Mon., Aug. 20
PARTICLE ASTROPHYSICS SEMINARS WILL RESUME IN THE FALL
DIRECTOR'S COFFEE BREAK - 2nd Flr X-Over
THERE WILL BE NO All EXPERIMENTERS' MEETING THIS WEEK
Tue., Aug. 21
Summer Lecture Series (NOTE TIME & LOCATION) - Curia II
Speaker: R. Pasquinelli, Fermilab
Title: Engineering at Fermilab
DIRECTOR'S COFFEE BREAK - 2nd Flr X-Over
THERE WILL BE NO ACCELERATOR PHYSICS AND TECHNOLOGY
Click here for NALCAL,
a weekly calendar with links to additional information.
Monday, August 20
- Chicken, mushroom and cheese steak
- Baked chicken enchiladas
- Pot roast
- Garden turkey
- Assorted slice pizza
- Szechwan green bean w/chicken
Wilson Hall Cafe Menu
Wednesday, August 22
- Sausage & roasted pepper & three cheese calzone
- Caesar salad
- Peach cardinale
Thursday, August 23
Chez Leon Menu
Call x4598 to make your reservation.
Construction of Fermilab's ILC Test Area moves forward
Getting ready to house the first crymodules: Fermilab's ILCTA.
As ILC research and development efforts ramp up around the world, Fermilab is preparing to make an important contribution. Engineers and technicians at the lab's new ILC Test Area (ILCTA) have worked hard all summer creating a state-of-the-art cryomodule test facility, and the infrastructure is almost complete.
Located at the end of an old accelerator beam line, the ILCTA has taken up residence in the New Muon Lab (NML). The former inhabitant of the building was the 2000-ton Chicago cyclotron magnet, which had lain dormant for many years. After removing this behemoth, workers cleared out the building and sealed the floors, making way for the new construction that took place over the past few months.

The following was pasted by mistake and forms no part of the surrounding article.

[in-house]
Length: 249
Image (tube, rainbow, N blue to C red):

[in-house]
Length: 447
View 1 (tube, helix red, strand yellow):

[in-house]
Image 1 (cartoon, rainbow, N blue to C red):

The most striking feature inside the ILCTA is the 50-meter-long cave needed to house the test equipment. Construction of this mammoth structure is nearly finished except for a few coats of paint and the roof, which will be added once a crane lowers the machines into place. Tenants of the cave will include accelerator components, the cryomodules and associated support systems. When assembly is complete, a radio frequency gun and photo-injector mechanism will fire a beam of electrons through the cryomodules to create a miniature version of the ILC.
Users from around the world will then be able to use the apparatus to conduct a number of ILC R&D related tests. Cryomodules are a highly complicated technology, so working out any bugs on a small scale is important. Furthermore, the ILCTA will test different kinds of cryomodules to determine which is best for the ILC. Other purposes include testing control systems, diagnostics, and instrumentation.